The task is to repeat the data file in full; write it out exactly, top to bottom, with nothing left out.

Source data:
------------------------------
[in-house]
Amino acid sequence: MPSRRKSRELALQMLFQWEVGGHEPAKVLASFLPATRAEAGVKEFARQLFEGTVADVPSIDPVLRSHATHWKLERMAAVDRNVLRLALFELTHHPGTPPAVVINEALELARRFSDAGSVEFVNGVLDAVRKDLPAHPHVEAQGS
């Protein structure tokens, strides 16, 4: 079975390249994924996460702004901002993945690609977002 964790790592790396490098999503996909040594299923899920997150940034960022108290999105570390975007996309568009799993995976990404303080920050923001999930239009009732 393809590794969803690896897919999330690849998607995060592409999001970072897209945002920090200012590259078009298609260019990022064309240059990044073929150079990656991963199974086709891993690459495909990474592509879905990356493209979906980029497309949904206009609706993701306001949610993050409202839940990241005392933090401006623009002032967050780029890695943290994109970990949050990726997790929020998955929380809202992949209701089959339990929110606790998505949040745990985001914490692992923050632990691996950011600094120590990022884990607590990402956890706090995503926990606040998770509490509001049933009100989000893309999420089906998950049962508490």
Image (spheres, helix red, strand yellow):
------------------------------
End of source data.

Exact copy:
[in-house]
Amino acid sequence: MPSRRKSRELALQMLFQWEVGGHEPAKVLASFLPATRAEAGVKEFARQLFEGTVADVPSIDPVLRSHATHWKLERMAAVDRNVLRLALFELTHHPGTPPAVVINEALELARRFSDAGSVEFVNGVLDAVRKDLPAHPHVEAQGS
């Protein structure tokens, strides 16, 4: 079975390249994924996460702004901002993945690609977002 964790790592790396490098999503996909040594299923899920997150940034960022108290999105570390975007996309568009799993995976990404303080920050923001999930239009009732 393809590794969803690896897919999330690849998607995060592409999001970072897209945002920090200012590259078009298609260019990022064309240059990044073929150079990656991963199974086709891993690459495909990474592509879905990356493209979906980029497309949904206009609706993701306001949610993050409202839940990241005392933090401006623009002032967050780029890695943290994109970990949050990726997790929020998955929380809202992949209701089959339990929110606790998505949040745990985001914490692992923050632990691996950011600094120590990022884990607590990402956890706090995503926990606040998770509490509001049933009100989000893309999420089906998950049962508490």
Image (spheres, helix red, strand yellow):